Our study has limitations. Firstly, no a priori power calculations were made for changes in PCSK9 concentrations because the primary outcome parameter of the parent trial was change in LDL cholesterol. Secondly, treatment duration was relatively short. However, longer treatment periods with ezetimibe have shown similar results  and the maximal LDL cholesterol-lowering effect of statins and ezetimibe is achieved within 2 weeks , . Furthermore, due to the relatively small size of our study existing associations may have been underestimated or missed. Our findings need to be confirmed in larger trials. The open-label design of the parent study may have introduced bias. Finally, PBMC might not accurately reflect hepatic PCSK9 gene and protein expression under all circumstances or with all forms of pharmacological intervention. However, recent evidence strongly supports the use of PBMC for the study of genes related to hepatic cholesterol metabolism ,  and PBMC have been used for this purpose in many studies , –. Moreover their use has been advocated as a convenient means to provide organ specific data without organ tissue itself , .
Strengths of the study include its randomized design, robust statistical methodology, blinded measurements of plasma PCSK9 concentrations, and the use of a ‘drug-naive’ population, devoid of co-medications and co-morbidities, which could potentially alter lipid metabolism, and excellent treatment adherence (pill count 99.1%). Moreover, this is the first randomized trial examining multiple clinical and biochemical parameters possibly modulating PCSK9 concentrations, ranging from gene expression to markers of cholesterol absorption and synthesis, to adipokines, glucose metabolism and other parameters, in one cohort.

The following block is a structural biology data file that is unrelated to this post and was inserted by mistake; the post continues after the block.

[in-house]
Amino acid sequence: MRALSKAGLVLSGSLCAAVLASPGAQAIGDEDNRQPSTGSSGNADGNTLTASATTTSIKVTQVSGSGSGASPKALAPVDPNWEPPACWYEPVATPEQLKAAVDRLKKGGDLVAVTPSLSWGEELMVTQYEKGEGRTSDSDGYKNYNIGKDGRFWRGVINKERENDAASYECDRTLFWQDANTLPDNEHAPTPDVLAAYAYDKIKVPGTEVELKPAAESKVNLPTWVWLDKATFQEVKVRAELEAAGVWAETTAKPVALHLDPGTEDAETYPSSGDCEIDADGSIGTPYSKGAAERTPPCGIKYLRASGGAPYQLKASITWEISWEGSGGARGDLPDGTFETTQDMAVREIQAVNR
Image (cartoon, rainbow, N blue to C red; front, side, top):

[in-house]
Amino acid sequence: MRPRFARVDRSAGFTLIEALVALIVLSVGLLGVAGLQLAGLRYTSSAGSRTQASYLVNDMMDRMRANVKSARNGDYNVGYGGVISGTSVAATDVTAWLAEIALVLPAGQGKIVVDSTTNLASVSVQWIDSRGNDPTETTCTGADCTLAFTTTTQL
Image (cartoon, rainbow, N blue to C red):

In conclusion, the current data support and expand previous reports suggesting that ezetimibe, alone or combined with simvastatin, is not associated with an increase in PCSK9. These findings may help identify those individuals that would benefit most from treatment with PCSK9 antibodies, which are in clinical development. Finally, our results indicate that changes in PCSK9 concentrations during lipid-lowering treatment are tightly regulated and are mainly influenced by baseline PCSK9 levels and statin-induced changes in LDL cholesterol, underlining the relevance of genetic variations in PCSK9.
We would like to thank Nadine Spenrath and Doris Vollmar for their excellent technical assistance. Some data of biochemical analyses were published previously  and were used in the current study. We would like to acknowledge the respective contributions of Drs. H. Gylling and M. Hallikainen (Kuopio and Helsinki), S. Stier and Y. Ko (Bonn), D. Patel and A.K. Soutar (London), U. Seedorf (Münster), C.S. Mantzoros (Boston), J. Plat (Maastricht), and M.-C. Asselin (Montreal).